Case Studies in Functional Genomics

Explore data analysis of several experimental protocols, using open source software, including R and Bioconductor.

Course Description

We will explain how to start with raw data, and perform the standard processing and normalization steps to get to the point where one can investigate relevant biological questions. Throughout the case studies, we will make use of exploratory plots to get a general overview of the shape of the data and the result of the experiment. We start with RNA-seq data analysis covering basic concepts of RNA-seq and a first look at FASTQ files. We will also go over quality control of FASTQ files; aligning RNA-seq reads; visualizing alignments and move on to analyzing RNA-seq at the gene-level: counting reads in genes; Exploratory Data Analysis and variance stabilization for counts; count-based differential expression; normalization and batch effects. Finally, we cover RNA-seq at the transcript-level: inferring expression of transcripts (i.e. a... Read More »

We will explain how to start with raw data, and perform the standard processing and normalization steps to get to the point where one can investigate relevant biological questions. Throughout the case studies, we will make use of exploratory plots to get a general overview of the shape of the data and the result of the experiment. We start with RNA-seq data analysis covering basic concepts of RNA-seq and a first look at FASTQ files. We will also go over quality control of FASTQ files; aligning RNA-seq reads; visualizing alignments and move on to analyzing RNA-seq at the gene-level: counting reads in genes; Exploratory Data Analysis and variance stabilization for counts; count-based differential expression; normalization and batch effects. Finally, we cover RNA-seq at the transcript-level: inferring expression of transcripts (i.e. alternative isoforms); differential exon usage. We will learn the basic steps in analyzing DNA methylation data, including reading the raw data, normalization, and finding regions of differential methylation across multiple samples. The course will end with a brief description of the basic steps for analyzing ChIP-seq datasets, from read alignment, to peak calling, and assessing differential binding patterns across multiple samples.

Given the diversity in educational background of our students we have divided the series into seven parts. You can take the entire series or individual courses that interest you. If you are a statistician you should consider skipping the first two or three courses, similarly, if you are biologists you should consider skipping some of the introductory biology lectures. Note that the statistics and programming aspects of the class ramp up in difficulty relatively quickly across the first three courses. By the third course will be teaching advanced statistical concepts such as hierarchical models and by the fourth advanced software engineering skills, such as parallel computing and reproducible research concepts.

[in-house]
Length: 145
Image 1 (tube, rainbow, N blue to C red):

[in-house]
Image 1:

This class was supported in part by NIH grant R25GM114818.

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Course Outcomes:
  • Mapping reads
  • Quality assessment of Next Generation Data
  • Analyzing RNA-seq data
  • Analyzing DNA methylation data
  • Analyzing ChIP Seq data
Course Details:

Prerequisites

  • PH525.3x: Statistical Inference and Modeling for High-throughput Experiments
  • PH525.4x: High-Dimensional Data Analysis
  • About Instructor:

    Rafael Irizarry - Professor of Biostatistics

    Rafael Irizarry is a Professor of Biostatistics at the Harvard T.H. Chan School of Public Health and a Professor of Biostatistics and Computational Biology at the Dana Farber Cancer Institute. For the past 15 years, Dr. Irizarry’s research has focused on the analysis of genomics data. During this time, he has also has taught several classes, all related to applied statistics. Dr. Irizarry is one of the founders of the Bioconductor Project, an open source and open development software project for the analysis of genomic data. His publications related to these topics have been highly cited and his software implementations widely downloaded.


    Michael Love - Assistant Professor, Departments of Biostatistics and Genetics

    Michael Love is Assistant Professor in the Departments of Biostatistics and Genetics at UNC Gillings School of Global Public Health. Dr. Love received his bachelor’s in mathematics in 2005 from Stanford University, his master’s in statistics in 2010 from Stanford University, and his Ph.D. in Computational Biology in 2013 from the Freie Universität Berlin. Dr. Love uses statistical models to infer biologically meaningful patterns from high-throughput sequencing data, and develops open-source statistical software for the Bioconductor Project.


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